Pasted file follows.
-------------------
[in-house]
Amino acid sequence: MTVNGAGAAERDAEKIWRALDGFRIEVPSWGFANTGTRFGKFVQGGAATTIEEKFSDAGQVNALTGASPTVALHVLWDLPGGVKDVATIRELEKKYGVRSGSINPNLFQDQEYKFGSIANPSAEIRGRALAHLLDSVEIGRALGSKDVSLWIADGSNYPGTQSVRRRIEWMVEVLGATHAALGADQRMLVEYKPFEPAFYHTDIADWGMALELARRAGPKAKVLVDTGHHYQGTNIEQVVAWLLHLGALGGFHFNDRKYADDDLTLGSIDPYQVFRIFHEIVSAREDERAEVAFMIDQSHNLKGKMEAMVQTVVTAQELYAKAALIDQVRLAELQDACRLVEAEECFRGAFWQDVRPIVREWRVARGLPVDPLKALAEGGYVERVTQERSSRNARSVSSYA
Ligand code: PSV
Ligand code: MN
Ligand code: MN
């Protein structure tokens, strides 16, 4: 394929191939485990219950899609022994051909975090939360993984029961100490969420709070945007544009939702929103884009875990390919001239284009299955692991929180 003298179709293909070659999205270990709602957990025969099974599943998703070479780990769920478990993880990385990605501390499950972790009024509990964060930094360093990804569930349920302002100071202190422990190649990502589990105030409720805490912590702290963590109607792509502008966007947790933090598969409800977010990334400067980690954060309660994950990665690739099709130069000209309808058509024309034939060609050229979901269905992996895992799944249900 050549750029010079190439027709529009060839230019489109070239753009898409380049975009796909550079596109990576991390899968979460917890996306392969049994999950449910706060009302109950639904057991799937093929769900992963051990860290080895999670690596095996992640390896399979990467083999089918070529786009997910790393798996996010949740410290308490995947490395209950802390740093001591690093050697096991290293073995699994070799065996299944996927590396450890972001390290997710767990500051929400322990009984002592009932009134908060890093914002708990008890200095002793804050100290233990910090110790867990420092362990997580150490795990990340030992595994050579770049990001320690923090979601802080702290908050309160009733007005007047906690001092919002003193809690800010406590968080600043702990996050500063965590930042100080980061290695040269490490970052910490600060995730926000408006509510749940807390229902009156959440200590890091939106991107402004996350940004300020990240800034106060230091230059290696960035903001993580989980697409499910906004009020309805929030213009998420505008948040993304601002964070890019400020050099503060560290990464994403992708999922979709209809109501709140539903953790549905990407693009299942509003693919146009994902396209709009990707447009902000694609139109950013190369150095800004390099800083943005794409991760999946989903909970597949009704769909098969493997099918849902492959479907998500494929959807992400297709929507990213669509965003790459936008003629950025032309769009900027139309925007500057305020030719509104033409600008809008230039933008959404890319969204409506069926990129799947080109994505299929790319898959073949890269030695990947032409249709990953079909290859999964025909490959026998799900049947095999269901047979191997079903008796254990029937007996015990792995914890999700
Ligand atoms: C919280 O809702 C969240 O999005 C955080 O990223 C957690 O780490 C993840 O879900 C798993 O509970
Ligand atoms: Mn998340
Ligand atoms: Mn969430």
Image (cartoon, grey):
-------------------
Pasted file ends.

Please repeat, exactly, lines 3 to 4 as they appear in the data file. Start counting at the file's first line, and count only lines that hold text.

Ligand code: PSV
Ligand code: MN